Human Dignity Project art installation slated for Monroeville Public Library |

Human Dignity Project art installation slated for Monroeville Public Library

Dillon Carr
Monroeville Public Library

A group involving Monroeville religious leaders and the library is looking for volunteers and monetary donations to kick start a project that includes an art installation and diversity education programming.

The initiative, dubbed the Human Dignity Project, is expeted to have two components. The first involves building an art structure and the second incorporates diversity education.

The idea sparked around two years ago when Temple David Rabbi Barbara Symons started looking for outdoor space to create a Holocaust memorial.

She ended up partnering with the Monroeville Public Library, with a plan to build a more general art structure within the library’s “island” property between it and Gateway Campus Boulevard.

In January, Symons and others approached council seeking permission to move forward with the project since it would take place on public property. Council unanimously voted to support the initiative.

Since then, the group formed a partnership with the Pittsburgh Art Council, who successfully pitched the idea of the initiative being a “living monument,” which involves an ever-changing curriculum to cover a wide range of topics within diversity education.

Instead of focusing the project on the Holocaust, Symons said it will envelope all cultures.

“The idea is not only religious diversity. It’s going to celebrate (everyone) of Monroeville. So racial, ethnic, cultural, everything that you could fit in there,” Symons said.

The rabbi said the project was re-invigorated with a sense of urgency after a gunman killed 11 people at a Squirrel Hill synagogue.

“There was a renewed energy to celebrate our diversity given the event of Oct. 27,” she said.

Nevertheless, the project has an estimated completion date for the end of 2021.

Iszauk and Symons said there is not a sketch for how the art installation will look.

Instead, artists will meet with different segments of the community “to come up with a concept of a temporary art installation that will get people talking about human dignity and about diversity.”

“The idea is once we get to the final stage of funding we will have a visual of what this looks like. But the idea we’re all learning is that the process is as important as the product,” said Symons.

Symons said the group hopes to raise $30,000 by the end of this year. In all, Symons said the project could cost up to $500,000 – which the group plans to raise through grants, foundation support and individual donations.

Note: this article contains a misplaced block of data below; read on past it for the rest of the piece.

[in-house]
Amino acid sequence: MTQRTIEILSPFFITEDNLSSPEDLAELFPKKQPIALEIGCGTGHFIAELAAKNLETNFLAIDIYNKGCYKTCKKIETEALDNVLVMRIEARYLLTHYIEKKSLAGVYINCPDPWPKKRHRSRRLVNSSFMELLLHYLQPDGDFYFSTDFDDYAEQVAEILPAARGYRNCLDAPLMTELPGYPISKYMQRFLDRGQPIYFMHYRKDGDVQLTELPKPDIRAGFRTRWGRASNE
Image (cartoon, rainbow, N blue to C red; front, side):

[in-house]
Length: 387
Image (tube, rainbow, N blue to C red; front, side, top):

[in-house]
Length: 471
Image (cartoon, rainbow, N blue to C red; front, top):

To give, Library Director Nicole Henline said to send checks to the library and earmark the payment for the “Monroeville Public Library Fund,” a library nonprofit.

For more information on the project and how to give, call Henline at 412-372-0500, ext. 111.

Dillon Carr is a Tribune-Review staff writer. You can contact Dillon at 412-871-2325, [email protected] or via Twitter .

Categories: Local | Monroeville
TribLIVE commenting policy

You are solely responsible for your comments and by using you agree to our Terms of Service.

We moderate comments. Our goal is to provide substantive commentary for a general readership. By screening submissions, we provide a space where readers can share intelligent and informed commentary that enhances the quality of our news and information.

While most comments will be posted if they are on-topic and not abusive, moderating decisions are subjective. We will make them as carefully and consistently as we can. Because of the volume of reader comments, we cannot review individual moderation decisions with readers.

We value thoughtful comments representing a range of views that make their point quickly and politely. We make an effort to protect discussions from repeated comments either by the same reader or different readers

We follow the same standards for taste as the daily newspaper. A few things we won't tolerate: personal attacks, obscenity, vulgarity, profanity (including expletives and letters followed by dashes), commercial promotion, impersonations, incoherence, proselytizing and SHOUTING. Don't include URLs to Web sites.

We do not edit comments. They are either approved or deleted. We reserve the right to edit a comment that is quoted or excerpted in an article. In this case, we may fix spelling and punctuation.

We welcome strong opinions and criticism of our work, but we don't want comments to become bogged down with discussions of our policies and we will moderate accordingly.

We appreciate it when readers and people quoted in articles or blog posts point out errors of fact or emphasis and will investigate all assertions. But these suggestions should be sent via e-mail. To avoid distracting other readers, we won't publish comments that suggest a correction. Instead, corrections will be made in a blog post or in an article.